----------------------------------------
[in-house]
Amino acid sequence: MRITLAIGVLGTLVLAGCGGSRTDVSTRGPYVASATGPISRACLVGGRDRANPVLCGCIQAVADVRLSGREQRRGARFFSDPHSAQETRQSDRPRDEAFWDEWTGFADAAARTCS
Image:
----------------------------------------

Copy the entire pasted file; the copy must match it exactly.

[in-house]
Amino acid sequence: MRITLAIGVLGTLVLAGCGGSRTDVSTRGPYVASATGPISRACLVGGRDRANPVLCGCIQAVADVRLSGREQRRGARFFSDPHSAQETRQSDRPRDEAFWDEWTGFADAAARTCS
Image: